Old Dutch are a massive company, and their marketing team will be paid a helluva a lot more than us at Chips & Crisps. We therefore hesitate to say this, but if Frito-Lay take an aggressive approach to capturing the full Canadian market, packaging alone will help them on their way. Having designed product packaging and reviewed several hundred Potato Chips bag designs we feel a little more comfortable commenting in this area. And, the traditional approach will only take you so far. As target audiences mature, younger people need to be sold to as well. The 'Old Dutch' writing, the cartoon windmill, the plain white bag, the diagonal flavor band; it is all just too old fashioned to capture the imagination. Smaller, regional operations can be forgiven for maintaining their historical reference points, but there is no company in the world that enjoys as big a market share in their country that has such dated packaging design.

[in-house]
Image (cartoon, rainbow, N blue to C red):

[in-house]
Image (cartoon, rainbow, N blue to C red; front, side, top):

These seemed a little crisper than some of Old Dutch's other flavors. This may have been related to the oil, which might have stiffened them up a bit. It was by no means a crispy crunch though. Instead it was more of a thick, rigid crunch that quickly turned into mush once a few were popped in for eating at once.
These were more thickly cut than even Kettle Cooked Chips, which you don't often see with standard Chips, although to be fair if you want a bag to include mostly whole Chips, with Ridges, they will need to be cut thickly. Some of the Ridges had retained the additional oil that seemed to have been absorbed into them. There were a few that featured browned edges. There was also the odd seasoning fleck that may or may not have been dill weed, spotted around the pale yellow Chips.
A Nose Plunge Test revealed a smell of Pickled Dill Weed. The taste was of Pickled Dill Weed. It was a strong flavor and there was an undercurrent of sweet and salty potato. A very rounded flavor.